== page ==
Wispy smoke begins streaming around the cowling and quickly thickens. Fire! I’m alone in our Cessna 180. My adrenaline flow redlines. After a few seconds considering my options, I turn the master off, grab a piece of equipment, push the left door open, and jump. No parachute.
No parachute? Didn’t need one. The 180 was sitting in front of our hangar on the South Line at Cincinnati Lunken. It was a crystal clear, frigid, don’t-lick-any-metal- flagpoles Saturday morning. I had intended to warm up the engine while waiting for my partner to return after he drove off to retrieve something from another hangar. Our mission of the day: Find the $100 hamburger. This was way before Sporty’s free Saturday hot dogs.
In a heartbeat, my good intentions had produced the most dreaded word in aviation: Fire! My mind went into that hyper-speed thing where time is measured in nanoseconds. Probably a stack fire, I say to myself. Crank the engine to suck up the flames.
But another voice in my head cried, What if it’s something else. Something that could be worsened by cranking the engine. But what? Electrical?
Question: When was the last time you practiced recognizing and extinguishing stack fires? How many of you have ever gone to the airport saying, “Today I’m gonna start a stack fire and practice putting it out?”
We practice engine failures ‘til we’re blue (or green) in the face, but I don’t know anyone who practices stack fires. We’re instructed as to the likely cause of stack fires and what to do if we have one. But we don’t practice them.
On that icy blue morning, I had pushed the primer a couple of times and cranked the starter. No start. Well, maybe a little more prime will do it, I erroneously thought. Still no joy on the second try. But then the smoke starting curling up around the cowling.
We all know the drill for a stack fire. Seems pretty simple when you’re sitting at home in your comfy chair reading about it or when your instructor holds forth in the FBO office. “Just keep cranking the starter. It’ll suck the flames back into the engine.”
Simple… IF it is a stack fire. But was my fire a stack fire? Lots of combustible things under that cowl. Could engaging the starter make it worse? Perhaps irretrievably so?
“Hey, dummy,” you say. “It’s a cold morning. You over-primed the engine. You have a stack fire. What else could it be? Crank.”
Odds are you’re right. But I didn’t feel like playing the odds that morning when losing the bet could possibly destroy the airplane.
The nanoseconds were ticking and the smoke was thickening. I knew what to do IF it was a stack fire. But I didn’t know how to positively recognize it as a stack fire versus a fire of another origin. Is it like watching the Vatican chimney? The color of the smoke? It was a classic set-up for a stack fire, but I’d never seen stack fire. Could cranking make things worse?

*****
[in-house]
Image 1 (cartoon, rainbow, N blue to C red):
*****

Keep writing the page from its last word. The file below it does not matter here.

My gut tightens, and I say to myself, “Probably a stack fire. I should crank. The fingers of my left hand press against the starter switch key with almost, but not quite enough, pressure to engage the starter as I debate with myself. I glance at the Ammeter. Nothing abnormal. And no circuit breakers popped.
A lifetime of five seconds or so had passed since the smoke first appeared. Decision time!
“Crank”, you are screaming. “It’s a stack fire.” Easy to say if your chair doesn’t have a nose emitting smoke.
The nanosecond clock ticked on as the smoke billowed. Crank – and take what was a small risk that doing so would make matters worse, or grab the fire extinguisher and exit the airplane? I took the one-plan-fits-all approach and unstrapped the extinguisher from the floor between the front seats before exiting the aircraft.
I liberally applied the foamy white fire suppressant material to the stacks and engine compartment. I was not careful where the stuff went. I had only one thought: PUT OUT THE FIRE! Deal with collateral damage later.
As it turned out, you were right. It was a stack fire. And fortunately the engine was not damaged by my inexperience with stack fires and fire extinguishers.
It’s stack-fire season. Picture yourself after a failed start attempt on a frosty morning. Smoke starts curling up around the cowl. To make matters worse, your family is in the airplane with you. You have only a few seconds before someone yells, “Fire!”, and general panic ensues.
Crank? Don’t crank?
Someone please tell me how to positively identify a stack fire. And someone please tell me whether cranking could ever make things worse if it’s not a stack fire. Your enlightenment would be most welcome if you care to comment.